Do you think college/university degrees are necessary?

ThePresence

Elite Member
Nov 19, 2001
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I have a masters degree. Big deal. It is meaningless to me, because what I do today has nothing whatsoever to do with what I studied. When I hire people, I hire based on ability, not schooling. If someone never went to school a day in his life but can do the job I need him to do, he has a better shot than some guy with a degree who 'might' be able to do it. I don't think I'm the only one who feels that degrees are becoming more and more obsolete.
 

Svnla

Lifer
Nov 10, 2003
17,999
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I don't think a person with a college degree is "smarter" than a person without but at many places, a BS/BA is a minimum requirement just to get past the first step in HR (ie. no college degree = resume is in the trash can), such as my current place of employment.
 

Farmer

Diamond Member
Dec 23, 2003
3,345
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Schooling can be one of several indicators of ability.

Otherwise, yeah, I'd say 90% of people don't get much out of college/schooling.

On the other hand, attending school has made me less ignorant. I think it's necessary.

If your only concern in life is 9-5 paycheck, then no, probably not "necessary."

It depends on your field. For most work that is done, nothing you would learn in college would be helpful.
 

Duder1no

Senior member
Nov 1, 2010
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I agree.

A degree is not indicative of intelligence and/or capacity, there are many talented people without studies that put those with degrees to shame.
 

mmntech

Lifer
Sep 20, 2007
17,504
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I've said many times That I wished I hadn't gone to university. It provided background and taught me how to write, but I didn't need five years to do that.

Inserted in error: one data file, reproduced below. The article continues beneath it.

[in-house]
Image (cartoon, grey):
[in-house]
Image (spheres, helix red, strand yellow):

Technical degrees and diplomas are different.
 

nageov3t

Lifer
Feb 18, 2004
42,816
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they're "necessary" insofar as for many jobs, employers use it as an automatic threshold to clear out resumes.

but the vast majority of these jobs, especially non-technical, could be done without it.
 

highland145

Lifer
Oct 12, 2009
43,290
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Digging ditches for my bro, with his 10th grade education, was what motivated me towards something else. The paper showing my Comp E. degree and my 2.3 GPA is a little rougher than charmin but about as useful. YMMV.
 

Red Dawn

Elite Member
Jun 4, 2001
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College Degrees today are becoming the High School Diploma of 25 years ago. You need one just to get a semi decent job if you are starting out in the work force.
 

Oil

Diamond Member
Aug 31, 2005
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A college degree is necessary to become an engineer so I do not regret going to school
 

ThePresence